By Marilyn Mora, AmeriCorps member serving at the Sarah Greenwood K-8 School
For someone who has the memory of a goldfish, getting a handle on all of the Morning Greeting chants we sing and dance as we welcome the students to school has been a personal challenge. When my team members give me a shout out during a chant, passing the lyrics to me, I freeze and my mind goes blank. With the spotlight on me, I can’t remember the words I was just chanting with the group.
Turns out, I wasn’t the only one struggling to learn the words.
Andre* is an 8th-grade student in our extended day program with whom I was struggling to get to know—I hadn’t been able to make much of a personal connection. My skills and methods for working with students were tailored toward a younger age group, so it took me a bit to refine and redefine them for older students.
While working with Andre I couldn’t help but notice that he kept humming a consistent beat under his breath so I casually asked, “Whatchya singing, there?”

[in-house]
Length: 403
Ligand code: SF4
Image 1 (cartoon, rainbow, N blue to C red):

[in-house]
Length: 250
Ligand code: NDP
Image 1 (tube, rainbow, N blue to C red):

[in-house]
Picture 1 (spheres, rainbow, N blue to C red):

He didn’t answer at first. There was another beat of silence before he said, “Actually I don’t know the words. What was that song you were singing this morning? Something red?”
Despite the many mornings where words failed to come to my mind, I was immediately able to recall the song. They came spilling out of my mouth, “City Year is what? Red Hot. City Year is what? Red Hot. City year is r-e-d with a h-o-t. Red hot, red hot, red hot!”
Andre beamed, “Yeah that’s it! Its been stuck in my head all day!”
We chatted back and forth about my lack of pitch and soon I found myself able to transition the conversation to the math problems at hand. Our relationship began to take root. Whereas before he never invited me to help him with his homework, he now welcomes my support.
I look forward to seeing Andre continue to grow academically—and to being able to welcome him (words and all!) to school each day!
How else are our AmeriCorps members building relationships with Boston's students? By...
- Finding a shared interest in athletics and sports;
- Being patient and building trust;
- Asking questions and taking an interest in the student's hobbies.